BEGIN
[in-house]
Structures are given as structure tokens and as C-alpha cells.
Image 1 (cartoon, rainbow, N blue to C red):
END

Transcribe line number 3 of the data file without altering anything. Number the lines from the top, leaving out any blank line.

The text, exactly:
Image 1 (cartoon, rainbow, N blue to C red):